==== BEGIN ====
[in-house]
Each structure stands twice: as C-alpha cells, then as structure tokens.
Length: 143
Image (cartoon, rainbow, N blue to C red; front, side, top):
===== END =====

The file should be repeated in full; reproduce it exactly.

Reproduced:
[in-house]
Each structure stands twice: as C-alpha cells, then as structure tokens.
Length: 143
Image (cartoon, rainbow, N blue to C red; front, side, top):